Mortgage rates are on the rise again. The average rate for a 30-year fixed-rate mortgage is now 5.51%, according to Freddie Mac’s weekly benchmark rate survey.
The increase caps a two-week decline for the 30-year rate, which fell half a percentage point during that time. And that puts a little more pressure on buyers already struggling with higher mortgage payments and lower purchasing power.
“With the highest rates in over a decade, house prices at elevated levels and inflation continuing to impact consumers, affordability remains the biggest barrier to home ownership. property for many Americans,” Sam Khater, chief economist at Freddie Mac, said in a statement.
Other types of loans are also higher this week. The rate on a 15-year fixed-rate loan averages 4.67%, an increase of 0.22 percentage points. Meanwhile, the average rate for a 5/1 variable rate mortgage is up 0.16 percentage points to 4.35%.
What’s next for mortgage rates?
This week’s rate hike could signal the start of another rate uptrend.
On Wednesday, the Bureau of Labor Statistics released its consumer price report for June, showing a 1.3% increase between May and June. Compared to a year ago, prices rose 9.1%, the largest year-over-year increase since November 1981.
Some experts now expect much more aggressive action from the Federal Reserve to lower consumer prices. While a 0.75 percentage point hike in the federal funds rate is expected to be widely announced at the upcoming Federal Open Market Committee meeting in late July, some pundits are now talking about the possibility of a 1 percentage point hike. If that happens, mortgage rates will likely see another big jump.
“The Fed could be forced to raise interest rates even more aggressively than expected, even with the growing possibility of a recession on the horizon,” said Lawrence Yun, chief economist at the National Association of Realtors. “The mortgage market had already priced in several more rounds of Fed rate hikes, but may need to adjust a bit higher based on today’s uncomfortable inflation rate.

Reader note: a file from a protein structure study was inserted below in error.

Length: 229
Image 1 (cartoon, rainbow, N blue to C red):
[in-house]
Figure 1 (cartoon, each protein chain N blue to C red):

The cooling of the real estate market continues
Slowing home sales, falling mortgage application volumes and rapidly rising inventories are all signs of a slowing housing market.
Despite the current rise in mortgage rates, the market is slowly moving away from sellers and becoming more and more favorable to buyers. Falling demand and increasing supply for homes means buyers don’t have to compete as intensely and may take longer to find the right property for them – instead of being forced to buy a house because it was the only one available.
As a result, sellers must adapt to change. Many cities where homes received multiple offers and sold well above asking price are no longer the hotspots they were during the pandemic, said Sheharyar Bokarhi, senior economist at real estate brokerage Redfin, in a recent press release.
“Sellers are adjusting their expectations in real time as they realize they might not get the price their neighbors got two months ago,” Bokarhi said.
In Boise, Idaho, more than 60% of homes on the market saw a price reduction in June, according to the Redfin report, the largest share among the 97 metro areas surveyed. Denver and Salt Lake City, for their part, are seeing more than 50% of homes for sale drop in asking price.